Hope the Dada family Thanksgiving is scrumptous: eat too much, drink too much, watch football! I'll have a couple extra turkey drumsticks available for drop-in guests.

fran said...

I was 5 years old when Kennedy was assassinated.
I remember wanting to watch *romper room*, and finding every channel broadcasting the same coverage of the funeral- and never experiencing that before. I remember the solemn horse drawn funeral cortage procession, and the famous salute by "Jon Jon" Kennedy, his young son. I was too young to really understand what had happened.
Later, the retrospective coverage of the sorrowful event, made me understand the enormity of it.
Looking back, it seems like a real turning point in history. They still show footage of anchorman Walter Cronkite taking off the big black eyeglasses, choking up, trying to hold back tears while delivering the news that President Kennedy had been killed.
The Camelot era fairytale had become a nightmare. A photo of Jackie on the Presidential plane, Airforce One, standing in her blood covered coat, next to Johnson while he was hurridly sworn in as President.

DK- What a horror to have that student make the I don't care remark- right when it happened & another kid was in a medical crisis. Jeez!
I can see how you adopted the *not much interested in your opinion* philosophy.

Anyway, Kennedy may have been the last great President we had, and who knows what actually transpired- in any case his life was taken, and the course of history was changed forever. If anything it is a really disturbing part of US History.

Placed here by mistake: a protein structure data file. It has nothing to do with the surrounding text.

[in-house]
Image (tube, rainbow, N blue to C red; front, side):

Well- I hope you can take that quantum leap from then to now, and on this day find things that you are thankful for, despite the overwhelming big picture scenario. I am thankful for your insight & sarcastic humor. = >

eProf2 said...

Thanks, Dada, for your commentaries and travelogues on this Thanksgiving Day.

I was 23, sitting in my 11:00 am English class at City College San Francisco when the professor announced the shooting and death of JFK. He would not let us leave the classroom as he thought we would only be adding to the telephone and traffic jams across the nation and around the world. I remember mostly sitting on the couch at home that weekend and not really comprehending what had taken place, even though I had studied the assassination of Lincoln, Garfield, and McKinly in my history classes. This was a living history unfolding right in my living room on the black and white television screen.

Unbelievable events! And, where did 44 years go?

You might want to catch the film, Lions for Lambs. Lots of food for thought on today's politics of war, coming of age, race relations, friendships, teaching, and contemporary journalism.

Since this is the beginning of the holiday season, I wish for you what you wish for yourself in these times. Don't eat too much turkey!

dada said...

I want to thank each of you, D.K., Fran, and eProf for sharing memories of where you were and what you were doing 44 years ago this weekend. I really enjoyed reading each, taken from the varying ages and experiences (especially our younger commenters here, huh, eProf?) And, yes, where have the 44 years gone?